Blue Globe-thistle is also a great plant for attracting beneficial insects to your garden. The flowers are a rich source of nectar and pollen, which attract bees, butterflies, and other pollinators. These insects play a vital role in the ecosystem by pollinating plants and ensuring the production of seeds and fruits.

In addition to its ornamental and ecological benefits, Blue Globe-thistle has a long history of use in traditional medicine. The plant was used by ancient Greek and Roman physicians to treat a variety of ailments, including fevers, headaches, and respiratory infections. It was also used as a diuretic and to stimulate the appetite.

Modern research has shown that Blue Globe-thistle contains a variety of bioactive compounds, including flavonoids and phenolic acids, that may have anti-inflammatory and antioxidant properties. These compounds may help to protect against chronic diseases such as heart disease, diabetes, and cancer.

Overall, Blue Globe-thistle is a versatile and beneficial plant that can provide a range of benefits to both the garden and the human body. Whether you're looking to add some beauty and interest to your garden or want to explore the potential health benefits of this unique plant, Blue Globe-thistle is definitely worth considering.

30 Amazing Facts About the Blue Globe-thistle

Echinops bannaticus, commonly known as Blue Globe-thistle, is a fascinating plant with several interesting characteristics. Here are 30 amazing facts about Echinops bannaticus:

  1. Scientific Name: Echinops bannaticus belongs to the Asteraceae family and is known for its distinctive spherical flower heads.

  2. Native Habitat: The plant is native to southeastern Europe, including regions like Romania and the Balkans.

  3. Appearance: Blue Globe-thistle grows up to 3 to 4 feet tall and features spiky leaves along its stem.

  4. Flower Structure: The spherical flower heads are composed of numerous tiny, densely packed, blue or violet florets.

  5. Attracts Pollinators: Blue Globe-thistle is a magnet for pollinators, especially bees and butterflies, due to its abundant nectar.

  6. Drought Tolerant: This plant is well-adapted to dry conditions and can thrive in well-drained soil with minimal water requirements.

  7. Perennial Nature: Echinops bannaticus is a perennial plant, meaning it lives for more than two years, and it tends to bloom from mid to late summer.

  8. Sun-loving Plant: It prefers full sun exposure and is commonly found in meadows, grasslands, and open areas.

  9. Hardiness Zones: Blue Globe-thistle is suitable for planting in hardiness zones 3 to 8.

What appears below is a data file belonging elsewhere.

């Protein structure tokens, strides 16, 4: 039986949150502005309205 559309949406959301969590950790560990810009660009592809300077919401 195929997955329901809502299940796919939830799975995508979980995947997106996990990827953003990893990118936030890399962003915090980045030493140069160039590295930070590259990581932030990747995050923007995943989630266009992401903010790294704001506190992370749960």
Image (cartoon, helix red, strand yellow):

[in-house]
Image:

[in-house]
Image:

10. Low Maintenance: Once established, Echinops bannaticus is a low-maintenance plant, requiring little care.

  11. Globular Seed Heads: After blooming, the flowers transition into round, spiky seed heads that add visual interest to the plant.

  12. Cut Flower: Blue Globe-thistle is often used in floral arrangements, both fresh and dried, due to its unique appearance.

  13. Deer Resistant: The spiky nature of the plant makes it less appealing to deer, making it a good choice for gardens prone to deer browsing.

  14. Folklore: In traditional medicine, extracts from Echinops bannaticus have been used for various medicinal purposes, including anti-inflammatory properties.

  15. Cultural Symbolism: Blue Globe-thistle is sometimes associated with symbolism such as strength and protection due to its spiky appearance.

  16. Winter Interest: The dried seed heads of Blue Globe-thistle can provide winter interest in the garden, adding texture even after the growing season.

  17. Landscaping Plant: It is often used in landscaping to add texture and color to gardens and borders.

  18. Companion Planting: Blue Globe-thistle can serve as a companion plant, attracting beneficial insects that help control pests.

  19. Magnet for Bees: Its nectar-rich flowers make it an excellent source of food for bees, contributing to pollinator conservation.

  20. Historical Uses: In the past, various parts of Echinops bannaticus were used for dyeing fabrics due to their natural pigments.

  21. Medicinal Uses: Some cultures have used Blue Globe-thistle for its purported medicinal properties, including anti-rheumatic and diuretic effects.

  22. Invasive Potential: While not highly invasive, Blue Globe-thistle can self-seed and spread under favorable conditions.

  23. Culinary Use: While not a common culinary plant, some cultures have used Echinops bannaticus in traditional dishes.

  24. Diversity: The Echinops genus includes various species, each with its unique characteristics and features.

  25. Maturity Period: Blue Globe-thistle typically takes two to three years to reach maturity from seeds.

  26. Ethnobotanical Significance: Some indigenous cultures may have used Echinops bannaticus for cultural or ritualistic purposes.

  27. Water-wise Gardening: Its ability to thrive in dry conditions makes it a valuable addition to water-wise or xeriscape gardens.

  28. Seed Dispersal: The spiky seed heads aid in seed dispersal, as they can catch the wind and be carried to new locations.

  29. Adaptability: Blue Globe-thistle can adapt to various soil types, including clay and sandy soils.

  30. Botanical Interest: Gardening enthusiasts often appreciate Blue Globe-thistle for its unique botanical features, contributing to biodiversity in home gardens.


Blue Globe-thistle filmed at Glasson Dock in Lancashire on the 30th July 2023.


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Distribution Map

Reproduced by kind permission of the BSBI.